New York

New York City Loses Contentious Bid for Cricket Stadium to Long Island

A contentious plan backed by Mayor Eric Adams and the International Cricket Council to build a temporary, 34,000-seat stadium in a Bronx park is dead, following heated opposition from local elected officials and some amateur cricket players.

The stadium was to host part of the ICC Men’s T20 World Cup next June. The venue will instead be built in Eisenhower Park in Nassau County on Long Island.

The decision, which will be announced Wednesday morning, represents a defeat for Mr. Adams, who has made lifting New York City’s sports economy key to his economic agenda and backed the bid, even hosting a rally in City Hall in support of the proposal.

The news was confirmed by an Adams administration official, and in a draft news release reviewed by The New York Times.

A spokesman for the mayor declined to comment.

In March, the International Cricket Council, a global governing body for the sport, approached the mayor’s office about its plan to build a modular cricket stadium in Van Cortlandt Park atop the city’s largest expanse of cricket pitches, according to a timeline provided by both the city and the Cricket Council. The stadium was to have the seating capacity of Fenway Park.

The proposal quickly won the support of the mayor. It also quickly angered users of Van Cortlandt Park and divided the cricket-playing community.

Though the plan called for construction to begin in early 2024, details about the actual bid remained scant. What became clear was that the Cricket Council would need the park for an estimated six months, and some critics feared even longer.

The administration claimed the multiday event could lead to $150 million in economic activity for New York City and create thousands of jobs.

Parks advocates bristled at turning over public land to a private entity for months on end and warned of possible legal repercussions.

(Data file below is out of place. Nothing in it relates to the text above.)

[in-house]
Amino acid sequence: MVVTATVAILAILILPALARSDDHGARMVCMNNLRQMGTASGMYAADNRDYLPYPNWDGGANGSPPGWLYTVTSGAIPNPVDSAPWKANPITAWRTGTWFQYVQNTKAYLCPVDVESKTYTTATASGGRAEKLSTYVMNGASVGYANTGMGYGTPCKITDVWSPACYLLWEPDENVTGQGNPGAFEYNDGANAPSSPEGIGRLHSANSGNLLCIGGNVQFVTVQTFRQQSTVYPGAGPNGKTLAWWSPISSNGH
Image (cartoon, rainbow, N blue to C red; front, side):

“Parkland in New York City is meant to be free and accessible for all,” said Adam Ganser, executive director of New Yorkers for Parks. “As a paid private venue, occupying parkland for nearly a year, this proposal was unprecedented and problematic out of the gate.”

Cricket players were divided. Some hailed the idea, while others recoiled at the notion of a modular stadium taking over the cricket pitches in the middle of the season.

A prominent environmental lawyer argued that the city’s plan amounted to an illegal taking of public land for private purposes, and to render it legal would require state legislative action.

It was an argument embraced by local elected officials, including Representative Ritchie Torres.

“Van Cortlandt Park does not belong to those in political power, it belongs to the people,” Mr. Torres said this month. “If the city government wishes to remove Van Cortlandt Park from the public trust, it must go to the state legislature.”

Roughly 60 days ago, the Cricket Council reached out to the Nassau County executive, Bruce Blakeman, to see if he might be interested in hosting the event.

“I said ‘Of course,’” Mr. Blakeman said in an interview on Tuesday. “We’re used to doing big events here in Nassau County. We’ve got a lot of cricket fans.”

Nassau County will share United States hosting duties next year with two other locations: Grand Prairie, Texas, and Broward County, Fla., according to the draft release.

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